Some will find this more necessary or key to the Whistle experience than others, and that’s just it, your experience with the app will depend largely on what kind of dog owner you are. For the more obsessive dog parents, the app could feel half-baked, and for those who spend a lot of time at the office and just want to make sure their dog hasn’t expired yet, it may be too much data.
Speaking only for myself, the app serves most of my dog owner-y needs as is, but I am looking forward to seeing where Whistle goes from here. There are a lot of routes the company could take in development, perhaps releasing a premium version for people who want more data points, calories burned, crazy social networking integration, filters on photos, badges and all that stuff.
There’s plenty of room for Whistle to become more of a “Path for dog owners,” too, allowing more extensive sharing, the ability to follow other dogs, dog owners and so on. Of course, going the Path or Twitter route can quickly make for a feed that’s over-populated and noisy, so that will be a balancing act.
But I would love to see more geo-location features, and for Whistle to incorporate a few elements of Foursquare. More so than the ability to check in at the dog park, I’d love for Whistle to serve me recommendations on great spots to walk Charlie that I may not have discovered yet, or see what my friends (or anyone for that matter) are feeding dogs of similar ages and breeds. Is Pet Store X more expensive than Pet Store Y? Oh, it is? Thanks Whistle!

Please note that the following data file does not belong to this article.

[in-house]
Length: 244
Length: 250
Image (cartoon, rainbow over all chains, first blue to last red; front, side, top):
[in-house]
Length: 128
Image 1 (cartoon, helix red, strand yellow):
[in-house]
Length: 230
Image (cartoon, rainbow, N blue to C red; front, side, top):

In one form or another, some of this social and geo-location functionality will be arriving in Whistle’s mobile apps this summer. So, if you’re a dog owner feeling antsy for lack of being able to share pictures of your dog with dozens of people who may or may not care what your dog is wearing today, don’t worry. More features are coming.
It’s pretty cool that Whistle allows dog owners to go back through previous days’ activities and view that data in graphical form, while comparing your own dog’s activity to the activity of similar breeds. As Whistle gathers more data on a wider and wider range of dogs, a lot of cool opportunities will likely present themselves — both in terms of data and reporting for dog owners themselves, and for, say, veterinarians who would love to see this kind of data. And have a better way to get in touch with their patients, er, patients’ owners, for that matter.
I’ll leave it at that, but I will say that if you think Fido seems a little depressed, before you go spending thousands on a dog psychologist or pet whisperer, try Whistle. Maybe it’s YOU, pal. Maybe Rex just needs some more exercise. Maybe his ratio of snoozin’ to treats is imbalanced. I don’t know, I’m not a doctor, but as embarrassed as you may be to discover your dog is just bored, wouldn’t you still like to know?
More questionable dog puns and puppy stuff in the video above.